Did you hang the foot end higher than the head end? The foot end higher than the head end prevents you from sliding down toward the foot end. You may want to also try putting something (pillow, jacket, blanket) under your knees to help take some pressure off your ankle and give you a little better position for your feet. Just my $.02. Good luck.
    +1 that. Plus maybe a short pad under your feet, it might open the foot end of the hammock up some. And a "figure 4" position with one leg pulled up and foot under the other leg, or side fetal position maybe.
    For I consider that the sufferings of this present time are not worthy to be compared with the glory that is to be revealed to us....that the creation itself also will be set free from its slavery to corruption into the freedom of the glory of the children of God. For we know that the whole creation groans and suffers the pains of childbirth together until now.
    Romans 8:18,21-22

  5. #5
    SilvrSurfr's Avatar
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    I know Hennessy says the Expedition Asym is good for people up to 6 ft., but I'm 5'10" and feel a little cramped in mine. You might want to check out a longer hammock.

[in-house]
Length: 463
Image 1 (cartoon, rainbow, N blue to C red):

6. #6
    Jayson's Avatar
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    5'11" here HH Expedition user. Raise the foot end to start and also try getting some more sag in the ridgeline.

  7. #7
    Senior Member dejoha's Avatar
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    Quote Originally Posted by Gunnerfan View Post
    ...I figured I would have plenty of room in an Expedition Asym.

    ...I found there to be plenty of room for my shoulders and the rest of me, and enjoy the other features of the hammock...
    Generally speaking, a longer hammock is more comfortable given the same width. That said, hammocks can be a very subjective choice where some big and tall folks are happy as clams in smaller hammocks. I'm 5'10" (178 cm) and I feel a little tight in my Hennessy Expedition. My next hammock was the Grand Trunk Ultralight, which, ironically, has the same flat dimensions as the Hennessy, but lacks the bug net. I found that the bug net pulled the sides in more, which also put more pressure in the foot region.

    Regardless of the size of a hammock, you will find that hammocks "cradle" your shoulders and feet in a similar way. Even a bridge hammock has this effect. There are a few ways to mitigate this: